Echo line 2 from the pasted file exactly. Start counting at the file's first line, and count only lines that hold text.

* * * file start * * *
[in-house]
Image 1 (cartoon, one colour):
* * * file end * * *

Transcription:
Image 1 (cartoon, one colour):